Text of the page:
It happens to all of us. We think we’re just about to find what we’re looking for, and instead, Poof!, it eludes us again. It’s hard for all of us to give up the direction we’ve picked to look a different way. I thought of this last week when I was sure the keys to my car were somewhere in the house. It passed through my mind that maybe they were in the car in the garage, but I didn’t even look there because I was so sure I was on the right track searching in the house, searching the same places again and again, ever more determined.
Researchers keep looking for proof of the usefulness of altering brain chemistry with medications as a cure for depression; researchers perpetuate the idea that we just haven’t yet found the perfect drug. It has been estimated that 50% of people on medication for depression do not benefit from that medication. Discussion of the puzzling efficacy of the Placebo effect has persisted since a respected study showed that administering Placebo to depressed patients produced entirely different brain responses than those produced by drugs, yet an unexpected 38% of the Placebo participants improved. In a recent discussion of the subject, Dr. Joseph Coyle, a professor of neuroscience at Harvard Medical School, called the attribution of depression strictly to chemical imbalance “an outmoded way of thinking.” Yet it persists.
Maybe the keys are just not in the house?
Clarity is elusive. We have become adept at studying brain activity and brain chemistry after the fact, but we have not found the key to what is before the fact. We have no scientific explanation of what generates emotional upset and creates the chemical imbalance for which we seek a cure.
What answers do we have? (1) The brain is plastic and subject to inexplicable changes in chemistry and activity. (2) People respond variably to external input; it is impossible to determine a clear-cut cause and effect response to outside-in stimuli. (3) We do not have a universal explanation for brain changes.
What questions might we ask? (1) Are we looking in the right direction, given that the after-the-fact studies have led to increasing confusion? (2) If brain activity is constantly variable, should we be investigating healthy variability, rather than seeking artificial stability? (3) If we discovered the impetus for that variability, would it be easier to understand why the outcomes are so unpredictable?
Those are questions that teeter on the edge of the perceived boundary between science and spirituality. Yet, increasingly, science acknowledges that the study of human psychology involves spirituality as well. While it would be unfair to characterize the study of spirituality in psychology as “mainstream” or “hard science,” it would also be unfair to suggest that spirituality is not easing into the conversation and being taken to heart, especially in mind-body medicine. Increasingly, speculation appears in studies suggesting there may be “innate” processes not yet well understood, or that there are dimensions of human resiliency beyond the reach of current science. Are they edging towards a different place to search?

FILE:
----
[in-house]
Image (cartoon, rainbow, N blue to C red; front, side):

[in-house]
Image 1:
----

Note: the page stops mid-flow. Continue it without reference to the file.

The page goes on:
The missing idea is that our emotional states could be created from the inside-out, not the outside-in. How people respond depends on their use of thought and on their state of mind, regardless of outside stimuli. The flow from formless energy to form is internally constant; the variable is the infinite variety of what is created. The ups and downs of experience make sense because experience is after the fact, an artifact of our infinite imaginations. Forming the thought, imagining form out of the formless, is before the fact.
Everything puzzling and confusing about our current pursuit of understanding falls into place when we see it from the inside-out perspective. We use the formless energy of life to create thoughts. We are aware of our thoughts and experience them as real. Depending on our degree of awareness of our own psychological strength, we see more or less clearly that experience is coming through us, not at us. When it’s obvious to us that we are the thinkers of our own thoughts and the creators of our experience, we are buffered from ill effects. We can move through bouts of negativity and the ups and downs we feel, understanding that they are illusionary and temporary, that all our experiences come and go as our thinking changes.
This understanding would render chemical intervention superfluous over time. Such intervention might be helpful to quiet the mind sufficiently to be able to look and see and recognize the inner logic. But it would not be a long-term requirement because we would realize that it is within us to find and create real peace naturally.
I often feel like I am watching two trains racing towards a common destination from opposite directions. The science train racing from outside-in is moving towards an unexplored new place. The spiritual train racing from inside-out is moving towards a meeting point where it will surprise those who have not yet seen it and didn’t know it was coming. The journey offers promise of joyous meeting because the intent of both is simply to keep moving towards the deeply desired destination of peace of mind.